A lot of learning can come from reverse-engineering many things. In business it can be a creative process on how to bring about new change, and innovation.
Tech Backstage interviewed Jason Jepson to learn more about reverse engineering. We talk about reverse-engineering outcomes into strategy, building and positioning for technology, and the ins and outs of storytelling.
The Tech Backstage Podcast is a live streamed video podcast that goes behind the scenes with today’s leaders of industry to learn what technologies are solving business problems, and how Design Thinking applied to the future of technology is impacting the world.
Reverse-engineering means dismantling an item to check its functioning system. This method is applied to examine and thoroughly understand it, particularly to enhance the item. We can reverse-engineer various things such as machines, software, different types of devices, and so on.
The reverse-engineering process is generally applied to software and hardware from older companies. It depends on the technology and what knowledge can be gained during reverse engineering.
The information or the knowledge can be used to do security analysis or to remodel unused items. In other terms, reverse engineering is gaining knowledge from a finished product.
So, be it an engineer or a business owner, everyone can reverse-engineer a business process by starting with the end goal while looking at the business.
Reverse-engineering can let us focus on the important aspect as an outcome instead of just focusing on easily measured things. Therefore, every organization can drive innovation from a blend of data, process, output, and outcomes.
With reverse engineering, outcome, output, process, and data are bound to walk backwards. It might be challenging, but it is a rebooting approach where the focus on the outcomes can be a win-win for all.
To get reverse engineering turned into a strategy, looking at a business is crucial. When we view it, it gives insight into its functions, data, the process of functions, estimation of its outcome, and input.
Jepson states that with an example by providing a difference between a 5000-dollar client and a 1000-dollar client. They have the same desires and wants. The difference is that one understands and knows what they are building for their company. They have insight into their goal. But the other client, without knowing the business, has a system that will not serve its company in the long run.
Without a proper strategy or reverse-engineering of the business as a whole, “pulling information or calling that insight is very difficult.”
It might take business owners “constantly wagging different battles,” but it is crucial to figure out how to remove them. Finding those pieces of information while viewing the business is crucial.
You need to have a strategy to move forward, but before you build the strategy, you must understand what you want to do. Then you can find out where the problems lie. Then, you need to sit down and think about the outcome and then work backwards.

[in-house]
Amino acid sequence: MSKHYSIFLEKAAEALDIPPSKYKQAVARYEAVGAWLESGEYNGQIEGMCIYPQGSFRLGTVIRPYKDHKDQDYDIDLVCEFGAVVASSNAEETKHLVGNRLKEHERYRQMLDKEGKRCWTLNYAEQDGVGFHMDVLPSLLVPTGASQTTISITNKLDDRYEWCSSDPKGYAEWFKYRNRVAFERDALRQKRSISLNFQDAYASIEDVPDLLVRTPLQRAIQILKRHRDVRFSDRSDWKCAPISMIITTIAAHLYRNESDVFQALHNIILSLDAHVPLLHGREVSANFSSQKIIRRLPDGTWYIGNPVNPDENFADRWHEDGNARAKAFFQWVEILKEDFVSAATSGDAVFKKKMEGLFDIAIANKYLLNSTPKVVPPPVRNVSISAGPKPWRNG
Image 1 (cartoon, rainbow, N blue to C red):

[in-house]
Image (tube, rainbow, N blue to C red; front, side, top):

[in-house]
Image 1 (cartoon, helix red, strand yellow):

For instance, Amazon uses reverse engineering. First, they target a result, then, they proceed to go ahead.
The Reverse-Engineering Process
Irrespective of the context, some fixed steps are common regarding reverse-engineering efforts. They are:
Extraction of Information: The business or any object to be reverse engineered is analyzed. The information about its process, functions or design is extracted to determine how all the pieces fit together. For example, in the case of software reverse engineering, engineers need to gather the source code or the design documents to examine. While for a business, the steps might be to check its outcome first, then determine the input, functions, and process.
Modeling: In this step, the information that has been collected is transformed into a conceptual model with all the pieces explaining its function to predict the outcome. This step aims to take data from the original to form a general model. This model can guide the designing of newer models or processes.
Review: In this step, the team can review the model and test using various circumstances to make sure it is a realistic abstraction. When the process is tested, the process or the model is ready to be implemented to reengineer the original item.
Reverse-engineering means trying to purposefully break things so that we can fix them before they break on their own. This is done so we can bring the best positive change and experience to people.
Jepson says we want to embrace technology in a way to create a healthy relationship with tech where people can feel good when make use of it. There is always a need to create something that complements people. These are the little things that make a big difference.
Check out the full interview below.